#Biennale2Lyon: No political cant for Dewar § Gicquel

Dewar § Gicquel, OAK CHEST OF DRAWERS WITH GIANT FLANDERS RABBIT AND ARMS, 2018, OAK WOOD, 90 × 104 × 57 CM

Daniel Dewar et Grégory Gicquel, Oak Relief with Man, Udders, and Vase, 2017, Kunsthalle Basel, 2019. ©Philipp Hänger/ Kunsthalle Basel

Dewar&Gicquel, Mammalian Fantasies, view on, Oak Relief with Man, Pig, and Shell, 2018, Kunsthalle Basel, 2019. Photo: Philipp Hänger / Kunsthalle Basel. Courtesy of the artists; C L E A R I N G, New York / Brussels; Loevenbruck, Paris, and Jan Kaps, Cologne.

Dewar § Gicquel, OAK RELIEF WITH BODY FRAGMENTS, 2018, OAK WOOD, 120 × 132 × 17 CM

Trulli
Dewar § Gicquel, OAK CHEST OF DRAWERS WITH GIANT FLANDERS RABBIT AND ARMS, 2018, OAK WOOD, 90 × 104 × 57 CM
Trulli
Daniel Dewar et Grégory Gicquel, Oak Relief with Man, Udders, and Vase, 2017, Kunsthalle Basel, 2019. ©Philipp Hänger/ Kunsthalle Basel
Trulli
Dewar&Gicquel, Mammalian Fantasies, view on, Oak Relief with Man, Pig, and Shell, 2018, Kunsthalle Basel, 2019. Photo: Philipp Hänger / Kunsthalle Basel. Courtesy of the artists; C L E A R I N G, New York / Brussels; Loevenbruck, Paris, and Jan Kaps, Cologne.
Trulli
Dewar § Gicquel, OAK RELIEF WITH BODY FRAGMENTS, 2018, OAK WOOD, 120 × 132 × 17 CM

#LYON Winners of the Marcel Duchamp Prize in 2012, the two artists Dewar § Gicquel  continue to explore a simple material as the source of their imagination. This time, at the Museum of Contemporary Art as part of the Lyon Biennale for an exhibition “Mammalian Fantasies”. Wood, and with it its value of use, its decorative or utilitarian function, is confronted with a post-pop universe in which craftsmanship acts as a compass for a radically disoriented production. However, if in this Biennale the works presented are sometimes more derisory than derisive, those of Dewar § Gicquel strive to push genres and materials to the point of entrenchment in order to give them a meaning that contradicts the context in which they were proceeding.

Pushed to the extreme of humour, fantasy and banality, their creations speak of obsession, utility, sex and morbidity in everyday life. Furniture, bas-reliefs or sculptures carved in raw wood indicate the traces of the contamination of a material eaten away by the worms of our laughter and anguish. They reflect our archaisms and recall our animality in a burlesque way, in a debauchery of dismembered bodies, intestines and a bestiary where the pastoral fantasy is diverted into a contemporary “garden of delights” when dreams and nightmares intertwine to transgress reality or make it gorgeous.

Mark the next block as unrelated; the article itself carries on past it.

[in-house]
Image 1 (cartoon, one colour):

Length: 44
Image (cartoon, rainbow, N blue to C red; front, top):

All this is precise, of dull cruelty, and testifies to an impressive know-how. From one piece to another, there is a jubilant obscenity and the ease with which it is constantly renewed with this haughty detachment that remains the hallmark of great artists. Some, in the spirit of the times, would like to see in it an anti-speciesist manifesto and the Biennale commissioners have largely given in to this fashionable effect. The strictest parity is required, gender, anthropocene and post-humanism are essential. Yet Dewar § Gicquel’s works speak the world out of the present time as Jerome Bosch did. They speak of today by confronting the past; they transcend and probe the darkness of the future.

 

Until January 5, 2020

Daniel Dewar § Grégory Gicquel “Fantasies Mammals”

Lyon Biennale

MAC Lyon

Michel Gathier

With a literary background, Michel Gathier developed a passion for art very early, particularly during long stays abroad. He has contributed to the magazine “L’art vivant” and now...

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